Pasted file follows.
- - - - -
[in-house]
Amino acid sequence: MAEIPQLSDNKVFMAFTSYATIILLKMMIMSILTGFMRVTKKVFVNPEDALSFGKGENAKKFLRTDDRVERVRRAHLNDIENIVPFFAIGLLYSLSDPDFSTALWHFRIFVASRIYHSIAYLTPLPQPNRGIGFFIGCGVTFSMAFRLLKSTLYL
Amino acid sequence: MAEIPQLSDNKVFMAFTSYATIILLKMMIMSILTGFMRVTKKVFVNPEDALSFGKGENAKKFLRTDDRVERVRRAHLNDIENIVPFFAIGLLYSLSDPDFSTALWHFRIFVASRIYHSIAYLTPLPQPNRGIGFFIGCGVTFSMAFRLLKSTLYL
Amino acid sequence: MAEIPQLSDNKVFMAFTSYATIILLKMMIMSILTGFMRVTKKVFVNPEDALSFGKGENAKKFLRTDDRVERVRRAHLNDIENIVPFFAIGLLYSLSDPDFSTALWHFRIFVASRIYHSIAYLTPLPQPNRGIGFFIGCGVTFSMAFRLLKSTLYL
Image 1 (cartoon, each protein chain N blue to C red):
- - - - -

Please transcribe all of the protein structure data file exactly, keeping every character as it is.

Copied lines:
[in-house]
Amino acid sequence: MAEIPQLSDNKVFMAFTSYATIILLKMMIMSILTGFMRVTKKVFVNPEDALSFGKGENAKKFLRTDDRVERVRRAHLNDIENIVPFFAIGLLYSLSDPDFSTALWHFRIFVASRIYHSIAYLTPLPQPNRGIGFFIGCGVTFSMAFRLLKSTLYL
Amino acid sequence: MAEIPQLSDNKVFMAFTSYATIILLKMMIMSILTGFMRVTKKVFVNPEDALSFGKGENAKKFLRTDDRVERVRRAHLNDIENIVPFFAIGLLYSLSDPDFSTALWHFRIFVASRIYHSIAYLTPLPQPNRGIGFFIGCGVTFSMAFRLLKSTLYL
Amino acid sequence: MAEIPQLSDNKVFMAFTSYATIILLKMMIMSILTGFMRVTKKVFVNPEDALSFGKGENAKKFLRTDDRVERVRRAHLNDIENIVPFFAIGLLYSLSDPDFSTALWHFRIFVASRIYHSIAYLTPLPQPNRGIGFFIGCGVTFSMAFRLLKSTLYL
Image 1 (cartoon, each protein chain N blue to C red):